Lenz's Law in DC Motors and Magnetic Braking
HSC Physics Syllabus
- relate Lenz's Law to the law of conservation of energy and apply the law of conservation of energy to:
Lenz's Law and Electromagnetic Braking
This video applies the law of conservation of energy to magnetic braking. Lenz's Law and DC motors was explored earlier through the discussion of back emf.
What Is Electromagnetic Braking?
Electromagnetic braking is the use of magnets to bring a system to rest. When an object moves through a magnetic field, the change in flux causes it to experience an induced emf by Faraday's law. In the example below, where a wheel rotates through a magnetic field, this induced emf creates eddy currents.
The magnetic field associated with the eddy currents will act to oppose the initial change in flux, by Lenz's law. For example, in the section of the wheel moving into the magnetic field, the eddy currents will be anti-clockwise as viewed from above. This creates a magnetic field that repels the wheel backwards, away from the magnet. Simultaneously, the part of the wheel moving out the magnet experiences a decrease in flux. The eddy current here will be clockwise, producing a magnetic field that attracts the wheel backwards.
Both eddy currents thus develop a torque anti-clockwise, against the rotation of the wheel. This slows the wheel down.
This principle of magnetic braking is used to bring cars to rest. When the car brake is off, the electromagnets near the wheels are turned off. This means that there will be no external magnetic field to magnetically brake the wheels.
There are many advantages to magnetic braking. For example, there is no friction involved, and this allows car wheels to require less maintenance. The magnitude of resisting force increases with the magnitude of induced current, which increases the speed of rotation. As such, faster cars can be brought to stop more effectively.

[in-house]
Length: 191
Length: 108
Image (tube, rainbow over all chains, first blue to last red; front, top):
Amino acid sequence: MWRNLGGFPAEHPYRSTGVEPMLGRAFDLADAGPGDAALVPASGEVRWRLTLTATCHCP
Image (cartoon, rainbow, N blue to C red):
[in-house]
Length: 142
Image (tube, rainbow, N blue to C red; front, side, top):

Electromagnetic Braking and Law of Conservation of Energy
Electromagnetic braking can be analysed in terms of the law of conservation of energy. Any moving body has kinetic energy, and this is converted into electrical energy (the current produced).
The electrical energy is then lost as heat through resistive heating.
Practice Question 1
(a) All transformers which operate using the principle of Faraday’s electromagnetic induction have less than 100% efficiency. Explain why this is the case. (4 marks)
(b) Explain one strategy that is used to overcome the problem(s) you outlined in (a). (2 marks)
Practice Question 2
The primary coil of a transformer has 4800 turns and is supplied by 240 V AC. The secondary circuit operates a small electric motor of resistance 192 ohms which requires 0.5 A.
(a) Calculate how many turns the secondary coil should have.
(b) The current flowing in the primary circuit is 0.21 A. Calculate the efficiency of the transformer.
Previous section: Operation of AC Induction Motors